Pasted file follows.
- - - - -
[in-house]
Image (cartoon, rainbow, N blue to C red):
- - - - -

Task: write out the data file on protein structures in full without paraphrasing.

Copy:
[in-house]
Image (cartoon, rainbow, N blue to C red):